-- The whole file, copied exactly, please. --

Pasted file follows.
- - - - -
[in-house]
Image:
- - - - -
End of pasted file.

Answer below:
[in-house]
Image: